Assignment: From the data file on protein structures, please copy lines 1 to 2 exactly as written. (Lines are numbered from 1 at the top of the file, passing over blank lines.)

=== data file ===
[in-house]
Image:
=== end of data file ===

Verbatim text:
[in-house]
Image: